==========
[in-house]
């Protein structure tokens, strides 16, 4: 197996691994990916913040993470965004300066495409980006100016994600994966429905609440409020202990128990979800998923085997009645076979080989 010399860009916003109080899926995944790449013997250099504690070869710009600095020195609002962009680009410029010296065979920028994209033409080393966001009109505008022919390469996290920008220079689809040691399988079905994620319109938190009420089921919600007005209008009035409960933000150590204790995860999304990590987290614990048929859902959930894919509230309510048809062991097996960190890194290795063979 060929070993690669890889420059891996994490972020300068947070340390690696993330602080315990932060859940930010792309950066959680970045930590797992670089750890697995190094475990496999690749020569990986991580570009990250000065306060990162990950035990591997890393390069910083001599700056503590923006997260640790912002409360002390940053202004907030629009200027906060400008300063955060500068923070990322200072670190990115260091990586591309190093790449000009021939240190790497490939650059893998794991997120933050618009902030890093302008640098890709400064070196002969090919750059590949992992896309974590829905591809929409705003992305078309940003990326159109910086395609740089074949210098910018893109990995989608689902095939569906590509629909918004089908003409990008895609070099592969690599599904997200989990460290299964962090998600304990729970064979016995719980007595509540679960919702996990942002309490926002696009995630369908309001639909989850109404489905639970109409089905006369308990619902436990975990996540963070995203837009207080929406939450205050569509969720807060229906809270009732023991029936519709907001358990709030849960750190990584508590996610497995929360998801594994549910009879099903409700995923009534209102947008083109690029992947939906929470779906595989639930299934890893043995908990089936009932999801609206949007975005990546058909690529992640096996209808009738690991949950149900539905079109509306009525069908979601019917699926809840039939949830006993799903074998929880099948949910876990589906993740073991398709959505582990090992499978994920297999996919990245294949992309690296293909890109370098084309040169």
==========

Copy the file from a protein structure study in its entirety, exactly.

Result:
[in-house]
């Protein structure tokens, strides 16, 4: 197996691994990916913040993470965004300066495409980006100016994600994966429905609440409020202990128990979800998923085997009645076979080989 010399860009916003109080899926995944790449013997250099504690070869710009600095020195609002962009680009410029010296065979920028994209033409080393966001009109505008022919390469996290920008220079689809040691399988079905994620319109938190009420089921919600007005209008009035409960933000150590204790995860999304990590987290614990048929859902959930894919509230309510048809062991097996960190890194290795063979 060929070993690669890889420059891996994490972020300068947070340390690696993330602080315990932060859940930010792309950066959680970045930590797992670089750890697995190094475990496999690749020569990986991580570009990250000065306060990162990950035990591997890393390069910083001599700056503590923006997260640790912002409360002390940053202004907030629009200027906060400008300063955060500068923070990322200072670190990115260091990586591309190093790449000009021939240190790497490939650059893998794991997120933050618009902030890093302008640098890709400064070196002969090919750059590949992992896309974590829905591809929409705003992305078309940003990326159109910086395609740089074949210098910018893109990995989608689902095939569906590509629909918004089908003409990008895609070099592969690599599904997200989990460290299964962090998600304990729970064979016995719980007595509540679960919702996990942002309490926002696009995630369908309001639909989850109404489905639970109409089905006369308990619902436990975990996540963070995203837009207080929406939450205050569509969720807060229906809270009732023991029936519709907001358990709030849960750190990584508590996610497995929360998801594994549910009879099903409700995923009534209102947008083109690029992947939906929470779906595989639930299934890893043995908990089936009932999801609206949007975005990546058909690529992640096996209808009738690991949950149900539905079109509306009525069908979601019917699926809840039939949830006993799903074998929880099948949910876990589906993740073991398709959505582990090992499978994920297999996919990245294949992309690296293909890109370098084309040169």